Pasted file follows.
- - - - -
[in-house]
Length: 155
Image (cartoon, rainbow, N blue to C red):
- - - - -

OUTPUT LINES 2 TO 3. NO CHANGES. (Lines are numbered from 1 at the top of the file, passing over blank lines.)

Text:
Length: 155
Image (cartoon, rainbow, N blue to C red):